With trio of COVID deals, Merck takes a page from its Ebola strategy

Merck’s strategy to tackle COVID-19 appears to echo an approach that allowed the pharma to rapidly develop a vaccine for Ebola -- but on a much faster timeline.

Merck & Co. Inc. (NYSE:MRK) said Tuesday it is expanding its toolbox to fight COVID-19 via a trio of deals that gives the pharma two vaccine candidates and an antiviral therapeutic that could rival Gilead’s remdesivir.

The first deal involves the acquisition of private European vaccine company Themis Bioscience GmbH for an undisclosed cash sum, giving the U.S. pharma rights to Themis’ measles virus vector platform and its preclinical COVID-19 vaccine candidate (see “€40M Round”).

Themis is developing its COVID-19 vaccine candidate with Institut Pasteur, which is the platform’s inventor, and the University of Pittsburgh. Themis’ technology is a live attenuated, replicating measles viral vector that can deliver large genes encoding for antigens directly to macrophages and dendritic cells. Co-founder and CEO Erich Tauber told BioCentury that while no preclinical data is available yet, the expectation is that a live replicating vaccine might provide “a more complete and robust immune response.”

Themis’ COVID-19 program received $4.9 million in initial funding from the Coalition for Epidemic Preparedness Innovations (CEPI), extending the group’s previous support. CEPI had funded the biotech’s vaccine programs against MERS and lassa fever.

Themis and Merck had partnered in August 2019 to develop a vaccine candidate against an undisclosed disease target, with Merck taking an equity stake of undisclosed size in the Austrian biotech.

Tauber said the acquisition should accelerate development of the biotech’s COVID-19 vaccine candidate. He said that while CDMO ABL Europe had been contracted to manufacture clinical supplies of the vaccine, adding Merck provides commercial manufacturing capacity.

“They truly want to make this a global vaccine, and make this available on a global scale,” Tauber said.

In some ways, the Themis deal mirrors the approach Merck took to Ebola. In that case, Merck in-licensed worldwide rights from a small biotech that had no ability to scale global manufacturing -- in that case, NewLink Genetics Corp. -- and in the space of about two years had positive Phase III data. FDA approved that candidate in December as Ervebo to prevent Ebola virus infection (see “Crushing Need”).

But like some other players in the COVID vaccine arena, Merck isn’t relying on a single vaccine modality.

Also on Tuesday, Merck partnered with non-profit IAVI to develop an rVSV-based COVID-19 vaccine candidate. The recombinant vesicular stomatitis virus (rVSV) technology was the same platform Merck used to develop Ervebo.

IAVI has used the same rVSV platform as the basis for four other vaccine candidates, including an HIV candidate.

HHS’s Biomedical Advanced Research and Development Authority (BARDA) is providing $38 million in early development funding for the rVSV candidate.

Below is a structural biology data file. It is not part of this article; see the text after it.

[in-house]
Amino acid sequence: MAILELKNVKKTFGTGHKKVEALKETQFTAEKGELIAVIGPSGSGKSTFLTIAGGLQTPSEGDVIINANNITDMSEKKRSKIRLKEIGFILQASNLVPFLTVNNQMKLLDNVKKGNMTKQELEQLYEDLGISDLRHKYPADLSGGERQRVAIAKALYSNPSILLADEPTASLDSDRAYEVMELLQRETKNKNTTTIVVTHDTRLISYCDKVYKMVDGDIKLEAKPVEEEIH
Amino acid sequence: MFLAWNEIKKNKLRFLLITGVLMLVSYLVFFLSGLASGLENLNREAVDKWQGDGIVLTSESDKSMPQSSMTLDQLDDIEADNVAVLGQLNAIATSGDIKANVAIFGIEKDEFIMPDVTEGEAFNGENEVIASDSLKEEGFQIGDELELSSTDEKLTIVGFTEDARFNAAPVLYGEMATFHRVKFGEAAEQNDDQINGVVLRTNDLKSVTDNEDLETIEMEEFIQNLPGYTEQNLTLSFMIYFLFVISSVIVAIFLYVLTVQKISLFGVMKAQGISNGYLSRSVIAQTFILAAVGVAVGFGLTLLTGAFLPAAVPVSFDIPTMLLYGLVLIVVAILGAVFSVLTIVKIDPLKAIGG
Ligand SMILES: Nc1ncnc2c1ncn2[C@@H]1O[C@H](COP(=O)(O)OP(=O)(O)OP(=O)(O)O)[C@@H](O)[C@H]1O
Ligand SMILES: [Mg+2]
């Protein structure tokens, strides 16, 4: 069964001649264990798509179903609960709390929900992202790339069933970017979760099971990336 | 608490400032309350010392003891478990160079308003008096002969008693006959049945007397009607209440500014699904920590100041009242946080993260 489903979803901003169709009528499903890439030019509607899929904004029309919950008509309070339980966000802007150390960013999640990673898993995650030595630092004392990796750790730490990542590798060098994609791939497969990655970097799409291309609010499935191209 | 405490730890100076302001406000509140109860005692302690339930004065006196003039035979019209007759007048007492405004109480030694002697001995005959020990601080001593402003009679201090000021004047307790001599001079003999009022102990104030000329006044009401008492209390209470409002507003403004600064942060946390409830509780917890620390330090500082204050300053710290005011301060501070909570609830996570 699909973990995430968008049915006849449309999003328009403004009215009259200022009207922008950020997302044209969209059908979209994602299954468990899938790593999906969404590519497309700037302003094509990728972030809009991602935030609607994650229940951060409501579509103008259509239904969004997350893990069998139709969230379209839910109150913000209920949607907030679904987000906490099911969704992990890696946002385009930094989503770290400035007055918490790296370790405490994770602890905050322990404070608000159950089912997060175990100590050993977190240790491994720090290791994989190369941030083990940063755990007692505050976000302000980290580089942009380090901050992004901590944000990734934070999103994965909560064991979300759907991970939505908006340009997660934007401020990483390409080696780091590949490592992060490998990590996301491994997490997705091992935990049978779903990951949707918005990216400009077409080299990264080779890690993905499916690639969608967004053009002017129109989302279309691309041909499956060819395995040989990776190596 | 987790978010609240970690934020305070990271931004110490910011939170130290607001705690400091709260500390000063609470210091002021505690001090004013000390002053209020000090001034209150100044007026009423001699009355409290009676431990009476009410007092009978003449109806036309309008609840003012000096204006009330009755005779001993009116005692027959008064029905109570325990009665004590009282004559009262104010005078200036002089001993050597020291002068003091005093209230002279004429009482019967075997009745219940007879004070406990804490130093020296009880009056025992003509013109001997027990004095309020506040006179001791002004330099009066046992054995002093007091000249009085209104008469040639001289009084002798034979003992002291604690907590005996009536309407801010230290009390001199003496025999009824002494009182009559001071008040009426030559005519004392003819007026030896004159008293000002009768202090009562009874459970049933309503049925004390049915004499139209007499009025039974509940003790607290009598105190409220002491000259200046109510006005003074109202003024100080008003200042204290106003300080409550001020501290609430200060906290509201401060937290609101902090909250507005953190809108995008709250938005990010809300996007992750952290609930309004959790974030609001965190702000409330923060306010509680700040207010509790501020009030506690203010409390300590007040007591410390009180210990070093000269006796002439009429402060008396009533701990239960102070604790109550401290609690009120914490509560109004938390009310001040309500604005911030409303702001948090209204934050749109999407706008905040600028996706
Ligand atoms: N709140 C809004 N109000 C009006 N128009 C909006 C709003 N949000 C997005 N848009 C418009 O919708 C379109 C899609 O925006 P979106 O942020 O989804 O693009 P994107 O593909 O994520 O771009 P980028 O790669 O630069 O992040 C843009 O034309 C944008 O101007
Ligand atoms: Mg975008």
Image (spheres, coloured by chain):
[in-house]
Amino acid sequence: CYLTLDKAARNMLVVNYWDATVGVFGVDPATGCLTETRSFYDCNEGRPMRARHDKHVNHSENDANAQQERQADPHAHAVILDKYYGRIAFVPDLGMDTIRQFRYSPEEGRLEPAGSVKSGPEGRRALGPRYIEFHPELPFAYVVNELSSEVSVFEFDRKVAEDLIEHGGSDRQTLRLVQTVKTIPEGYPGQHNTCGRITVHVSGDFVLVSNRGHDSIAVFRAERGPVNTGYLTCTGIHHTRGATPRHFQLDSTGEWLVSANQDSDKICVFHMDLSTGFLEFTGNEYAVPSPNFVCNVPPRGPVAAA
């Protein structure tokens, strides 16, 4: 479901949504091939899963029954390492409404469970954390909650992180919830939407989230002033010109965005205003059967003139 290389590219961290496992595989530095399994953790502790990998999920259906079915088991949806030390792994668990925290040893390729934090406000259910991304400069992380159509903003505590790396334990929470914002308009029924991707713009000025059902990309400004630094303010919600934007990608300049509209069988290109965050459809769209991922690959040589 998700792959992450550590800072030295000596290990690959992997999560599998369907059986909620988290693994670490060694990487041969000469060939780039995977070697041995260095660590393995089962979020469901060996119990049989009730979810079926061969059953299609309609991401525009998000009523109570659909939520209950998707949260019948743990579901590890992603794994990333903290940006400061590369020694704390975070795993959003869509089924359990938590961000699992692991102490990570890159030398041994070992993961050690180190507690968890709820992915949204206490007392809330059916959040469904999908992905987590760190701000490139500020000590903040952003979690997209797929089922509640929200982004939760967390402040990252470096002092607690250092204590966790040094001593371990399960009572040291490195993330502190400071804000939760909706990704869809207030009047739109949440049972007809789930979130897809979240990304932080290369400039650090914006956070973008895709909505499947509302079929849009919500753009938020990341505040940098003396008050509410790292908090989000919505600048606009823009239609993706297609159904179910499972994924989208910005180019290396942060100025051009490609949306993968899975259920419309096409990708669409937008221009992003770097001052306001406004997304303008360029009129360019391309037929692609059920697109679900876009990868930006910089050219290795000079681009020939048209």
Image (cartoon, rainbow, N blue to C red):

Beyond Merck Chairman and CEO Kenneth Frazier being at the helm for both deals, there are other tie-ins to Merck’s Ebola program and its COVID-19 approach. IAVI’s President and CEO Mark Feinberg was VP of Merck Vaccines during Ervebo’s development.

Both vaccine candidates are due to enter the clinic this year.

The deals come as Merck had already been active in COVID-19 consortia: the Accelerating COVID-19 Therapeutic Interventions and Vaccines (ACTIV) and COVID-19 Therapeutics Accelerator (see “Collaborating to Clobber COVID-19”).

However, one remaining question is how Merck would allocate manufacturing capacity between the two different vaccine candidates.

Outside of COVID-19, Themis’ lead program is MV-CHIK, a vaccine to prevent Chikungunya infection that has completed Phase II testing. Tauber said the company has also started some preclinical work in applying its measles vector in cancer settings.

Themis had raised at least $75.5 million in venture financings from investors such as Wellington Partners, Ventech, Omnes Capital and Global Health Investment Fund, among others.

Merck in-licenses antiviral

Beyond the vaccines, Merck also brought in an antiviral that could rival remdesivir from Gilead Sciences Inc. (NASDAQ:GILD) -- or provide efficacy in resistant patients.

Merck obtained exclusive, worldwide rights to EIDD-2801 from Ridgeback Biotherapeutics LP to treat COVID-19. The nucleoside analog that blocks replication of RNA viruses is in a Phase I trial. Ridgeback, which in March licensed the program from an affiliate of Emory University, will receive an undisclosed upfront payment and is eligible for milestones and royalties.

Preclinical data published in Science Translational Medicine last month showed that EIDD-2801 has broad antiviral activity against SARS, MERS and SARS-CoV-2, as well as other coronaviruses. In vitro assays showed the nucleoside inhibitor had an IC50 of 0.3 uM.

The candidate also showed increased potency against coronaviruses that have resistance mutations to remdesivir (see “UNC Data for Emory Compound”).

In addition, the orally available therapy could be used in earlier treatment settings such as in-home, whereas IV remdesivir has to be administered in hospitals.

Merck said it expects to make its vaccines and antivirals for COVID-19 “accessible and affordable globally.”

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